Signs it might be time to slim down (not you, your OR equipment). To get to the OR, you have to weave your way through a labyrinth of C-arms and towers double-parked in the hallway. Rooms feel crowded and congested, more like warehouses than surgical suites. To get to the patient on the table, you have to navigate an obstacle course of equipment, climbing over carts, hopping over cords and crawling under monitors.
"It's hard to even know where the patient is," says Lynn Razzano, RN, MSN, ONCC, a clinical nurse consultant from Boston, Mass. "It's like walking into a house that's got a hoarder living in it."
As Jay Bowers, BSN, CNOR, TNCC, clinical educator at West Virginia University Hospitals in Morgantown, W.Va., says, "There is not enough room to move around." Like many facility leaders, Mr. Bowers has discovered that one way to declutter your ORs is to furnish it with thinner, more streamlined equipment with a smaller footprint (see "Shopping for Thin OR Equipment"). This goes beyond such obvious choices as flat-screen monitors and modular surgical tables.
Mr. Bowers has noticed that other pieces of equipment have slimmed down, too, from thinner OR beds that are easier to move and maneuver, to hysteroscopy pumps that have less heft and fewer canisters to them, to liposuction and bipolar machines that don't take up as much space as they used to.
You can also downsize with multipurpose equipment like an all-in-one electrosurgical system that provides electrosurgical cutting and coagulation, bipolar functionality and vessel sealing in a single generator. "So we only have to have 1 piece of equipment instead of 3," says Mr. Bowers. Then there are video towers that go up instead of out, neatly stacking 4 or 5 pieces of equipment skyward: monitor, shaver, light source and insufflation devices. "Moving things onto towers and booms has helped tremendously," says Mr. Bowers of vertical storage.
Booms have replaced towers at Eastern Idaho Regional Medical Center in Idaho Falls, Idaho, where 7 of the 14 ORs have been retrofited for booms. "Booms are centrally located in the room, but you can still move them to wherever you need to," says Melissa Wood, BSN, RN, the OR clinical educator at Eastern Idaho Regional. She says booms are slimmer and, because they're suspended from the ceiling, don't take up additional space like a tower.
The great technological concentrate
Overcrowded ORs are almost unavoidable. As more and more increasingly complex cases continue to migrate to outpatient surgical centers, facilities must invest in more and more pieces of equipment — much of it big and bulky. "We have both the standard-size C-arm and the mini C-arm. Unfortunately, we need both to meet the needs of our surgeons," says Maureen Simpson, RN, CNOR, clinical nurse manager of the OR and PACU at the Rye (N.Y.) ASC.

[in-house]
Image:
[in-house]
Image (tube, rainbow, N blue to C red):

We asked a panel of 37 facility managers to name the last piece of equipment they purchased for their ORs that has a thinner profile or a smaller footprint than the item it is replacing. Thinner monitors led the way. Respondents were asked to choose all that apply.
Fluid management devices
Today's ORs must host many different specialties. "As our service line grows, we are needing more and more instruments in the room," says Andrea Fann, RN, the administrator of the Orthopaedic South Surgical Center in Morrow, Ga., which now performs spine and total joint procedures.
Being prepared for the "and/or situation," as Ms. Razzano calls it, means pulling extra equipment into the room in the event the surgeon has to convert the minimally invasive procedure into an open one.
There's also a real danger in having a limited amount of storage space but continuing to acquire more equipment. Not only is it unsightly and unsafe, but it could be unsterile, too. Crowded ORs can compromise your sterile field. "I'm constantly watching for contamination by equipment or cords or staff trying to get around equipment," says Carol Saxton, RN, the surgery director at Decatur County Hospital in Leon, Iowa. Another manager adds, "It's not easy for the housekeeping staff to clean under and around all that equipment."
Some facilities use a spare OR to store unneeded equipment, rolling the ortho, ENT and GYN carts out of harm's way when they're not needed. Parking towers against the OR wall helps, too.
It helps to think of pieces of OR equipment as if they were kitchen appliances, says Paula Jackson, BSN, RN, the robotics coordinator at Holston Valley Medical Center in Kingsport, Tenn. Even though there's a microwave, stove, refrigerator, blender and toaster in your kitchen, you're only using one appliance at a time. "There's a lot of people and a lot of equipment in the OR," says Ms. Jackson. "Thinking about using one thing at a time relieves anxiety."
Slim Jim ORs
Ms. Wood says her nurses have a knack for interior design, swapping out 2 tables for a table that has an upper shelf, for example, or stowing the massive neuro cart that's not needed for the next case in an empty room. "Our RNs are incredible at making the puzzle pieces fit," she says. "We try to utilize the equipment that we have and the space that we have." When buying new equipment, Ms. Wood says she insists that the new item have a smaller footprint than what it's replacing.
Footprint is becoming a purchasing consideration, right up there with price and warranty. When we asked 46 facility managers in an online survey how important a thinner profile or a smaller footprint is when making a capital equipment purchasing decision, all but 2 said it's either "very important" (29) or "somewhat important" (15).
"It is distracting and cumbersome when you feel like you have to crawl over equipment," says Ms. Razzano. "It's not safe for this type of environment where we need to work closely and the circulator needs to move all over the room."